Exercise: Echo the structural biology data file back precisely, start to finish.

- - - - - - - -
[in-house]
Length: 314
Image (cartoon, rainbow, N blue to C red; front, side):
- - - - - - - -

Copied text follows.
[in-house]
Length: 314
Image (cartoon, rainbow, N blue to C red; front, side):